Palestinian journalist Salim Sweidan, owner of Nablus TV, was released Jan. 12 after having spent four days in jail. Sweidan, a member of the board of the Maan News Network, the leading independent satellite station and news website, was released on a bail of 1,000 Jordanian dinars ($1,400) after publishing an online apology.
In an interview with Al-Monitor, Sweidan said that the reason for the arrest was that his TV station's website republished a news story that had been written about the circumstances surrounding the arrest of a Hamas cell accused by Israel of killing two Israeli settlers in October 2015.
Members of the Palestinian Preventive Security Forces in Nablus had summoned Sweidan to their offices, where he was subsequently held. The name of one of the officers was listed in a controversial posting on the website that explained why the security force took the unusual step of arresting a well-known veteran journalist.
According to a testimony by his brother, Anees Sweidan, to the Palestinian Center for Development and Media Freedoms (MADA) on Jan. 11, Salim was accused of six charges, namely "the publication of articles harmful to Palestinian national unity, assault of Palestinian national unity, incitement as well as inciting sectarian conflicts, verbal abuse and contempt.”
From the moment of his arrest, friends and colleagues rallied on social media to protest the arrest and appealed to local and international organizations. MADA, the leading Palestinian nongovernmental organization defending freedom of expression, issued a statement Jan. 11 calling for Sweidan’s release.
The Vienna-based International Press Institute (IPI) also issued a statement Jan. 11 calling for Sweidan’s release. IPI Director of Advocacy and Communications Steven M. Ellis said, “Imprisoning journalists who report on sensitive matters of public interest is antithetical to democracy.”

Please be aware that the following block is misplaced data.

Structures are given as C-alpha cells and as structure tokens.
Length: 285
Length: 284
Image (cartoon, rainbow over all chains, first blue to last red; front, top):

During his imprisonment, Sweidan argued with his captors telling them that what they were doing was against stated Palestinian policy. “I told them that President [Mahmoud] Abbas made it clear in a statement in 2014 that no journalist should be detained on issues of freedom of expression,” Sweidan told Al-Monitor after his release.
Raed Othman, director general of Maan News Network, told Al-Monitor that the problem lies in the extended powers that the security apparatus has. “By allowing them to bypass the police and make direct arrests, the Palestinian government has violated its own policies,” he said.
Majed Arruri, a media and human rights expert echoed a similar view. Arruri told Al-Monitor, “Palestinian courts should increase their monitoring over the procedures carried out by the security forces against journalists.”
The Maan News Network’s board of directors denounced Sweidan's detention. “The Preventive Security Forces should have denied the report if it was not true, rather than treat journalists this way,” Maan said in its statement Jan. 10.